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Career Exploration Video & Audio

Career Conversations 07:
Industry Insights Health Promotion

In this session students got the inside scoop from representatives working in this field and found out more about disease prevention and promotion of healthy behaviours. Students asked questions and learned what they can do today to give them an edge when they graduate.



Panelist's Bios

Michelle Brownrigg, Health Promotion Consultant, Laidlaw Foundation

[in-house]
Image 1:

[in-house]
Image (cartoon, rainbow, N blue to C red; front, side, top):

Michelle Brownrigg has worked for over a decade in the area of child and youth health, spending nine years with the Ontario Physical and Health Education Association and Active Healthy Kids Canada, during which she was the primary contact for the Ontario Healthy Schools Coalition and worked with numerous government, non-government, education, public health and community organizations in relation to school health and child health initiatives. Her recent consulting work has involved a study of the implementation of Daily Physical Activity policy in Ontario , where she played lead on the development of a literature review and environmental scan of school-based physical activity initiatives as well as conducting focus groups and interviews with students, teachers and administrators. Other recent work includes support to the Content and Collaborations Advisory Committee for the recently re-launched ParticipACTION and she is consultant to the Laidlaw Foundation for knowledge management in relation to their work in youth engagement. In addition she supported Concerned Children's Advertisers to develop a research framework for their physical activity and nutrition initiative, Long Live Kids. Michelle has also been the principal writer of the Active Healthy Kids Canada Physical Activity Report Card for Children and Youth since its initial launch in 2005. Michelle also volunteers as the sport psychology consultant to the University of Toronto Women 's volleyball team. She is a Part-Time Faculty member with York University Faculty of Health and is currently sitting as a member of the Advisory Team for the Appointment of the new Dean at the Faculty of Physical Education and Health at the University of Toronto.